It seems that everyday now there is a new conspiracy theory linked to coronavirus and whats happening in the world. With the bombardment of information from every angle it can be difficult to make sense of it all and to determine what is true and what isn't. Not only that, all of the conflicting information can really invoke a lot of fear in people.
Though I do not have an answer to the issue of sifting through the enormous amounts of data the whole situation has really got me thinking about conspiracy theories and how they essentially operate in exactly the same as the mainstream media, if only a little more extreme.
At this point we all know that fear plays a large role in the mainstream media. That is probably quite obvious. When we watch the news we are not simply consuming unbiased information, we are actually receiving information meant to insight just a little bit of fear within us. This is because people tend to be more interested in things that are a little scary and they tend to care more about negative things in life.
Basically fear is interesting. Fear is attractive and ultimately, fear sells.
Selling fear largely relates to the cognitive heuristic known as negativity bias, which suggests that from an evolutionary standpoint negative information is perceived as more important to an individual. Not only do we learn more from negative events that occur but negative events also tend to be associated with more physical, psychological or emotional risks. For instance, whereas a positive event in our lives may make us feel good temporarily a negative event could ultimately lead to an injury, impairment, social ostracism or even death in some cases.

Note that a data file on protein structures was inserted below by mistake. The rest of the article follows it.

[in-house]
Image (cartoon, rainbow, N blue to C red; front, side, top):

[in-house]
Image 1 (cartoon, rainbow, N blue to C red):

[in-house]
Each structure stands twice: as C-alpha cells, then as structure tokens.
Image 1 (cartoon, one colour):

So from a marketing standpoint it makes sense that the news and mainstream media would utilize fear to engage with their audience and keep them coming back for more. When a person feels threatened in some way they tend to want more information related to the threat, as well as information that could help keep them safe. As such, the media creates a sort of self sustaining loop with its audience.
For example: News information may be paired with some emotional images like a virus, or a riot, fire, or an injured person. These things likely invoke a subtle fear within the individual in the form of say a small shot of adrenaline released into the blood stream along with a neurotransmitter associated with subconscious fear. This physiological response then makes the individual perceive the information as very important. As such, they go back to the media source again later on in order to get more information on the subject. Additional information in turn makes the individual a little bit afraid again and the process starts all over.
In a weird way the information becomes sort of addicting to the individual and they keep coming back for more over and over again.
Conspiracy theories and the sources that produce them, operate in the exact same way. Conspiracy theories are entirely based on fear, probably even to a more extreme degree then their mainstream media counterparts.
Conspiracy theories tend not to be subtle but instead overtly tell us to be afraid of unknown people who are trying to control us. They tell us that secret enemies are trying to take away our freedom or that they are trying to poison us or harm us in some way. The message of any conspiracy theory is always "be afraid."
I'm not saying that its not a good idea to listen to the different theories and ideas. I think that it can be good to get different perspectives on a subject in order to be informed. Similarly, some conspiracy theories have been accurate in the past and in many cases it can be very difficult to tell the difference between a conspiracy theory and a whistle blower type situation. This is especially true because any good conspiracy theory will naturally have grains of truth scattered throughout it.
My point is that fear sells and the people who make a living discussing conspiracy theories operate on the same principle as the mainstream media. Both manipulate people through fear in order to sell their ideas.
Their motive is to make you afraid so that you keep coming back for more.